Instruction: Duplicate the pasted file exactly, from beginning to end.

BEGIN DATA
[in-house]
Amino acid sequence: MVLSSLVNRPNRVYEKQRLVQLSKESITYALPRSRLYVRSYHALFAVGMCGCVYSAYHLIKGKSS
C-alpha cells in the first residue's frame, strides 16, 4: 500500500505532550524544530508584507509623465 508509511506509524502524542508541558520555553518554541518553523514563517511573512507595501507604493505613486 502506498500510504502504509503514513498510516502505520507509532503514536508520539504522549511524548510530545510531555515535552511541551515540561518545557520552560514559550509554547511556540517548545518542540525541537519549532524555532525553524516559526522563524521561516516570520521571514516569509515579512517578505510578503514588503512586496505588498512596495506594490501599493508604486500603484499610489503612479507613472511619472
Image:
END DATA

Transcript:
[in-house]
Amino acid sequence: MVLSSLVNRPNRVYEKQRLVQLSKESITYALPRSRLYVRSYHALFAVGMCGCVYSAYHLIKGKSS
C-alpha cells in the first residue's frame, strides 16, 4: 500500500505532550524544530508584507509623465 508509511506509524502524542508541558520555553518554541518553523514563517511573512507595501507604493505613486 502506498500510504502504509503514513498510516502505520507509532503514536508520539504522549511524548510530545510531555515535552511541551515540561518545557520552560514559550509554547511556540517548545518542540525541537519549532524555532525553524516559526522563524521561516516570520521571514516569509515579512517578505510578503514588503512586496505588498512596495506594490501599493508604486500603484499610489503612479507613472511619472
Image: